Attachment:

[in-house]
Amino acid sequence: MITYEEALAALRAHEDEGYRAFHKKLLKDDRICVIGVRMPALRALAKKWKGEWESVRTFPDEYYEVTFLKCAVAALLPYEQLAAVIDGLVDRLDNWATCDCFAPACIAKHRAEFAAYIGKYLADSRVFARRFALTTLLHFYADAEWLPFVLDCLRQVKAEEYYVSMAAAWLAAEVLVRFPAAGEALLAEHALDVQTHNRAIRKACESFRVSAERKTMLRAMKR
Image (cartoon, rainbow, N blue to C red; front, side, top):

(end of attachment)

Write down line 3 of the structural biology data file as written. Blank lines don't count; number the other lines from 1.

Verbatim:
Image (cartoon, rainbow, N blue to C red; front, side, top):